Lampwork is the term for making glass beads using a torch. This type of work has been done for thousands of years, though today we have special torches, hand tools, and glass rods. This is a very short answer to a complex type of artwork!
I make most of my pieces from soft or soda lime glass which is specifically made for torching. It was formulated for making beads but with a lot of practice and patience, it can be sculpted.
Borosilicate, or boro, is considered hard glass. It can also be used for torchwork, though it isn't as delicate as soft glass. If you've seen people making clear glass animals and flowers at festivals, odds are they were using borosilicate glass.
While the glass is being manipulated in the flame it is constantly cooling and reheating. This causes a lot of internal stress. If the bead isn't cooled carefully, the bead is likely to crack and break.
Well-made beads go directly from the torch to a kiln that is set just under 1000 degrees Farenheit, just below the melting point of the glass. The beads sit in the kiln long enough for the glass to become the same temperature all the way to the core, removing the stress. The kiln then temperature drops slowly so that the bead isn't stressed again.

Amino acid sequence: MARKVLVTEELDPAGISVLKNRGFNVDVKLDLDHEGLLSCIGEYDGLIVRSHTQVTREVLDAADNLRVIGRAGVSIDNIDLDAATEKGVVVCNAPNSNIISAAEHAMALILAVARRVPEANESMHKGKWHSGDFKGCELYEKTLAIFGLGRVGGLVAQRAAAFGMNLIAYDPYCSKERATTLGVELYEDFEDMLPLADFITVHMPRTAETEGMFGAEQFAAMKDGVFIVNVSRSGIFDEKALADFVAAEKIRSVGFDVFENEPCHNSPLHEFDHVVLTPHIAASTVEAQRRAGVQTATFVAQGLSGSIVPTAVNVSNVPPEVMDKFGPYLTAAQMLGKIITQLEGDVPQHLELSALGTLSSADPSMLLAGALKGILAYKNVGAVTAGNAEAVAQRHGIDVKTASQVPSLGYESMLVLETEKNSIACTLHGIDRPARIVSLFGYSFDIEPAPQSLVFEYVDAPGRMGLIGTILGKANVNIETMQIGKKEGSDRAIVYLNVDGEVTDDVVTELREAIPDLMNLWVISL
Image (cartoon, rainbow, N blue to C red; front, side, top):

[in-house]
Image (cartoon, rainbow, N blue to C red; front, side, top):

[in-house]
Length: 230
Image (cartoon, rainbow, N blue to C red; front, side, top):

Yes, glass can be broken if dropped on a hard surface. The annealing process definitely makes glass beads less likely to break, but like all good artwork, glass requires care.
Glass cleaners like Windex work perfectly. Warm, soapy water and a soft toothbrush can also do a good job. If you are cleaning a finished piece of jewelry, you'll need to consider the type of metal used since some cleaners can damage fine metals.
Mass-produced beads are made in factory settings with little if any creativity included. They are usually common designs and the focus is on productivity, not workmanship. Often, craft store beads still have bead release in the hole which can be a health hazard.
Artisan glass beads are made by people who love the process of working with molten glass. The equipment and supplies can be rather expensive. Taking classes to learn advanced techniques is pricey and often requires travel. Learning to make quality beads takes years of study with lots of mistakes and experimentation along the way.
Consider that you are purchasing the time, talent, and genuine care that the artist has invested in your one-of-a-kind glass piece.